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Rome’s Iconic Cinecitta Studios Set for Three-Year Overhaul

ROME – The Italian government is investing about €60 million ($74 million) to revamp and relaunch Rome’s Cinecittà Studios, plans for which appear to be gathering steam just a few months after the iconic facility reverted to state ownership.

Italian Culture Minister Dario Franceschini announced a three-year overhaul that would entail new facilities, an on-site museum, a restoration lab, and a video-game production hub on the backlot where Federico Fellini made his movies and where Hollywood classics such as “Ben Hur” were shot.

“This is the symbolic beginning of the new future for Cinecittà,” Franceschini told reporters Wednesday on the Cinecittà lot. He said that the sprawling studio’s long-gestating relaunch is “part of an [overall] investment that aims to put cinema and the audiovisual industry as a whole at the center of the [economic] development of this country.”

Located on the outskirts of Rome, Cinecittà returned to state ownership last July after languishing for roughly a decade in private hands.

“Putting Cinecittà back in public hands may seem strange and anachronistic,” said Roberto Cicutto, who heads Istituto Luce-Cinecittà, the state-run production, distribution and film archives entity, which is now running the studios. But private ownership under a consortium had “proved full of difficulties, including labor disputes, as well as a sharp drop in production,” he said.

As previously disclosed, the revamp envisages construction of two new 34,000-square-foot soundstages. Meanwhile, reconstruction is underway on the Teatro 7 soundstage, which had been destroyed during World War II, and which will host a pool for underwater shoots. There will also be a new post-production studio, a lab for processing and restoring 35mm film, and a studio for motion capture and for VR and video-game productions.

Nicola Borrelli, head of the Italian Culture Ministry’s film department, noted that the Cinecittà relaunch is part of new “revolutionary” film legislation “that the Italian [film and TV] industry had been awaiting for 50 years.” The legislation is expected to pump at least €400 million a year in resources into the industry, from development to distribution.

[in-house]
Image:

Borrelli and Cicutto both said that business at Cinecittà is picking up and that they expect the studios to break even in 2020.

The massive 100-acre facility, once considered Europe’s largest, is reaping the rewards of Italy’s generous 30% tax break for foreign film shoots, the cap on which has been raised to €10 million ($12.4 million) for each production company involved on a project.

Production is currently underway at Cinecittà on lavish English-language TV series “The Name of the Rose,” starring John Turturro. Also due at Cinecittà is a portion of the shoot of Netflix’s untitled film about the pope, directed by Fernando Meirelles (“City of God”). The project stars Jonathan Pryce as Pope Francis and Anthony Hopkins as Pope Benedict XVI. A Paramount production, which is being kept under wraps, is also booked.

Since Benito Mussolini cut the ribbon on Cinecittà Studios in 1937, the facility has survived the wild fluctuations brought on by Italy’s politics, economy and artistic climate. The hope is that an upcoming national election in March won’t affect the current relaunch.

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